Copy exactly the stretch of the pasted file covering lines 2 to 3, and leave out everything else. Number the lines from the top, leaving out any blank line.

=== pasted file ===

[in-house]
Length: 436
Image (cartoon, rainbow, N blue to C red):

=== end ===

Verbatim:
Length: 436
Image (cartoon, rainbow, N blue to C red):